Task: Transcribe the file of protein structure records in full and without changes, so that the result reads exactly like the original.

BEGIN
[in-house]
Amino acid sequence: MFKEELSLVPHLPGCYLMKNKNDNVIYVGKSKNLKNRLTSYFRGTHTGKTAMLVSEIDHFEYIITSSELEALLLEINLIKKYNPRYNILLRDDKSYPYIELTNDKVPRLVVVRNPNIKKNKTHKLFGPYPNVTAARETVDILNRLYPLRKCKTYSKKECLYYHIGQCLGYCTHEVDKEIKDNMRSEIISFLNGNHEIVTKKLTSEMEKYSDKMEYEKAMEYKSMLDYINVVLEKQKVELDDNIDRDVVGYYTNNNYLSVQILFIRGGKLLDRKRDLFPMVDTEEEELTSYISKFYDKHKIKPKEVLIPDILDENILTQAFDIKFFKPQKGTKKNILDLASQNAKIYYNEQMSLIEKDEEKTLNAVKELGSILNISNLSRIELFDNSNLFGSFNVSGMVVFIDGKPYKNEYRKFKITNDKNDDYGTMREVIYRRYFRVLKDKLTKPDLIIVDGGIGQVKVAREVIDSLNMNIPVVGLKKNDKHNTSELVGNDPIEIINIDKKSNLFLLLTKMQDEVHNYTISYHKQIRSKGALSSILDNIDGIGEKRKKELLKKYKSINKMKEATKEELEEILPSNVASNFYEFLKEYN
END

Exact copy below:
[in-house]
Amino acid sequence: MFKEELSLVPHLPGCYLMKNKNDNVIYVGKSKNLKNRLTSYFRGTHTGKTAMLVSEIDHFEYIITSSELEALLLEINLIKKYNPRYNILLRDDKSYPYIELTNDKVPRLVVVRNPNIKKNKTHKLFGPYPNVTAARETVDILNRLYPLRKCKTYSKKECLYYHIGQCLGYCTHEVDKEIKDNMRSEIISFLNGNHEIVTKKLTSEMEKYSDKMEYEKAMEYKSMLDYINVVLEKQKVELDDNIDRDVVGYYTNNNYLSVQILFIRGGKLLDRKRDLFPMVDTEEEELTSYISKFYDKHKIKPKEVLIPDILDENILTQAFDIKFFKPQKGTKKNILDLASQNAKIYYNEQMSLIEKDEEKTLNAVKELGSILNISNLSRIELFDNSNLFGSFNVSGMVVFIDGKPYKNEYRKFKITNDKNDDYGTMREVIYRRYFRVLKDKLTKPDLIIVDGGIGQVKVAREVIDSLNMNIPVVGLKKNDKHNTSELVGNDPIEIINIDKKSNLFLLLTKMQDEVHNYTISYHKQIRSKGALSSILDNIDGIGEKRKKELLKKYKSINKMKEATKEELEEILPSNVASNFYEFLKEYN